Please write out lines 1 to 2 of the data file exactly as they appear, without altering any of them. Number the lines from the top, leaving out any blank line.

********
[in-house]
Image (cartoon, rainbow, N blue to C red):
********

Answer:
[in-house]
Image (cartoon, rainbow, N blue to C red):